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Archive for Wednesday, October 29, 2008

City delays decision on new homeless regulations

October 29, 2008

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New regulations that would allow churches to serve as temporary shelters for homeless families faced criticism Tuesday as being unconstitutional.

City commissioners at their weekly meeting agreed to delay final passage of the much-debated homeless regulations after a local church said the new rules placed unconstitutional limitation on how it could practice its faith.

"The new code language dramatically restricts the religious liberty and the free exercise thereof of all churches in Lawrence," Caleb Stegall, an attorney with Lawrence's Grace Evangelical Presbyterian Church, wrote in a letter to commissioners.

The new regulations, which commissioners gave preliminary approval to earlier this month, allow churches to operate as overnight homeless shelters for homeless families with children as long as they don't do so for more than 15 days per quarter.

Stegall argues in his letter that the regulations are too strict. Churches should be allowed to serve as shelters more than 15 days per quarter, and they should be allowed to serve homeless individuals who are not part of a family as well.

The new regulations also limit a church's ability to serve as a homeless day center, if the church is located in a residentially zoned neighborhood.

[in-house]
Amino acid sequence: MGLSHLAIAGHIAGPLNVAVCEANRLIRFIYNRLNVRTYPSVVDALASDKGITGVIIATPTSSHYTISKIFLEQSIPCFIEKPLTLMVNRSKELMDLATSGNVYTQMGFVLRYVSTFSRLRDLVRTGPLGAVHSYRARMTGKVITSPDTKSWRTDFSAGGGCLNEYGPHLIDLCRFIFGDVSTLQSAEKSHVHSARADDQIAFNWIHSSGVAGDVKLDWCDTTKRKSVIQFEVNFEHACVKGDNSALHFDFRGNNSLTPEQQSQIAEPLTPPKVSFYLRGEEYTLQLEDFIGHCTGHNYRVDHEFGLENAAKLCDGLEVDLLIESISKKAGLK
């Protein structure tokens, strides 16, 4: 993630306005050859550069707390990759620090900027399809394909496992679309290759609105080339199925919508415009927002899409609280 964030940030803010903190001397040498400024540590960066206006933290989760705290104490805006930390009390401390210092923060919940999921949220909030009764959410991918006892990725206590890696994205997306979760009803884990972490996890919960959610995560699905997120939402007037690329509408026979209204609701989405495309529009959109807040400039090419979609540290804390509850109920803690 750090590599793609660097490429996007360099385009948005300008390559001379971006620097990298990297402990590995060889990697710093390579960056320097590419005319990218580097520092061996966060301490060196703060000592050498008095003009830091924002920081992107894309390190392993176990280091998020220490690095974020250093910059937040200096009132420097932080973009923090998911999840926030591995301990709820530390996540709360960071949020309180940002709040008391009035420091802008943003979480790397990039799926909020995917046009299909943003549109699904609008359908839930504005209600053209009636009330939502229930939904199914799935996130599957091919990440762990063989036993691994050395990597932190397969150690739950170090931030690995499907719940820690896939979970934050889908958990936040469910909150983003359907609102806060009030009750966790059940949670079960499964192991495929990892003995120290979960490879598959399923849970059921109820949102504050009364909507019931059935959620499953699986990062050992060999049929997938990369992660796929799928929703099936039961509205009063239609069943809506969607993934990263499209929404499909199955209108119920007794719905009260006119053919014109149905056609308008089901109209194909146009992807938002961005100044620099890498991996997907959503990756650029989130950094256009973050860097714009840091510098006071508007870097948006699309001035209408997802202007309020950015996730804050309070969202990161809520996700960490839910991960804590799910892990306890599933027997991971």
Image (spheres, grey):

"The language places a substantial burden on all religious institutions and their ability to minister to other persons according to the dictates of their conscience and the calling of their particular religious beliefs and convictions," wrote Stegall.

City commissioners on Tuesday stopped short of saying they agreed with Stegall's analysis, but said they wanted the city's legal staff to take another look at the regulations.

"We don't want to put something on the books that creates unintended consequences," City Commissioner Rob Chestnut said.

Depending on how long the city review takes, though, it could stall efforts to start a new homeless services program in the city. The new regulations were created primarily to allow the Family Promise organization to operate in the city. The Family Promise program uses a series of churches and volunteers to provide temporary shelter for homeless families.